Tariq Drabu Dentist Affairs Around Direct Access

Should the public be able to access dental care directly without having to see a dentist first? The General Dental Council (GDC) are consulting about this on their website and this consultation closes on 31.12.12.

Up until a few years ago the practice of dentistry was restricted to a small group, namely those doctors and dentists that were registered with the relevant regulatory bodies. Therefore it was limited and restricted as to who could practice dentistry; this was backed up by legal sanction if a non-registrant was found to be practising. In 2006 registration became compulsory for a further group of practising colleagues namelydental nurses, dental technicians, orthodontic therapists and clinical dental technicians – known as dental care professionals (DCPs). Therefore since 2006 the practice of dentistry has been redefined as being performed by these particular groups. However each group has its own parameters as to what it can and cannot do in terms of the practice of dentistry and that is known as the ‘scope of practice.’ It is also a requirement in almost every case for a patient to see a dentist in the first instance and for the dental care professional to be working under the prescription of a dentist. So for example a dental hygienist will administer gum treatment to a patient on the prescription of a dentist as part of an overall treatment plan. Pretty much the only exception to this protocol is for the construction of complete dentures by a clinical dental technician.

Direct Access means that any member of the general public will have access to any member of the dental team without first referring to a dentist. This was one of the recommendations of a report to dentistry by the Office of Fair Trading. Although I support quite a lot of what was written in that report it was noted by many in the dental profession that the report was very one sided and made very far reaching conclusions on the basis of some very flimsy statistical evidence particularly by extrapolating data. These far-reaching conclusions were then pounced upon by the media as the headlines and much of what is positive in the report about dentists and dentistry was overlooked. However whether we like it or not the OFT report is supported by the government and therefore it is very likely that direct access will become the norm in future. Therefore I guess the question that we all have to ask ourselves will be ‘does seeing a dentist in the first instance increase the protection of the public or is it actually a restriction of practice?’ If you read the dental press you will see that the GDC is seen in a very poor light by the majority of dentists who are at best suspicious of its motives and actions. It has also been recently criticised by  the healthcare watchdog the CHRE.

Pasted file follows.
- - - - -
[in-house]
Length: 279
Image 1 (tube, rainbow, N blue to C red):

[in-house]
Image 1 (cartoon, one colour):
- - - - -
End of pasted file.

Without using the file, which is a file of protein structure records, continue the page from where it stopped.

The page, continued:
Notwithstanding the shortcomings at the GDC, I support and would urge every member of the dental community to step forward and contribute their opinions regarding direct access. These potential changes will be the biggest shakeup to dentistry that I have ever known in my professional life time. There would be some parallels with the American model of service delivery where dental nurses are given extended roles and duties in support of the dentist. Here at Langley Dental Practice many of our dental nurses already have extended duties qualifications, in that they can take impressions on patients, they can apply fluoride and they can take x-rays. I am a passionate believer in the dental profession having a voice in its own future affairs and will be contributing to the consultation and would encourage all dental professionals to do the same.

I believe in developing every member of the dental team to their full potential and for career development in dentistry to be seen in the context of a process of lifelong learning and improvement. Affairs and concerns around direct access represent the most important changes to dentistry since 1948 and the founding of the NHS. Apathy and disinterest are not options. The consultation closes on 31 December 2012 and I would encourage every interested member of the dental community to contribute their opinions and take our profession forward into the 21st century.

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